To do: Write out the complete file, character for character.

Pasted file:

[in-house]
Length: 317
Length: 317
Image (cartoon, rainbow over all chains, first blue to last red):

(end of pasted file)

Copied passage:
[in-house]
Length: 317
Length: 317
Image (cartoon, rainbow over all chains, first blue to last red):